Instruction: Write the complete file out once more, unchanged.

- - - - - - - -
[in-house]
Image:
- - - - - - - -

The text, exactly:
[in-house]
Image: